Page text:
Cilia are tiny, hair-like structures on cells throughout our bodies that beat rhythmically to serve a variety of functions when they are working properly, including circulating cerebrospinal fluid in brains and transporting eggs in fallopian tubes.
Defective cilia can lead to disorders including situs inversus — a condition where a person’s organs develop on the side opposite of where they usually are.
Researchers know about many of cilia’s roles, but not exactly how they beat in the first place. This knowledge would be a step toward better understanding, and ultimately being able to treat, cilia-related diseases.
A team of McKelvey School of Engineering researchers at Washington University in St. Louis, led by Louis Woodhams, senior lecturer, and Philip V. Bayly, the Lee Hunter Distinguished Professor and chair of the Department of Mechanical Engineering & Materials Science, have developed a mathematical model of the cilium in which beating arises from a mechanical instability due to steady forces generated by the cilium motor protein, dynein.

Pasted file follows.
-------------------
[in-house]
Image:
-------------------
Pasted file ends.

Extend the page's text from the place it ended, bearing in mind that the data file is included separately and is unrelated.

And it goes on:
Results of the research appeared on the cover of the August issue of Journal of the Royal Society Interface.
Bayly’s lab has been working with cilia as a model to study vibration, wave motion and instability in mechanical and biomedical systems. As intricate nanomachines in their own right, cilia could inspire similarly propelled machines that can do useful tasks on the tiniest scales, maybe even for chemical sensing or drug delivery in the human body.
The new model will allow the team to explore what happens when the motor protein exerts different forces, or when internal structures are more or less stiff, as a result of genetic or environmental factors.
Read more on the engineering website.
This research was supported with funding from the National Science Foundation (CMMI-1633971 and the Children’s Discovery Institute).
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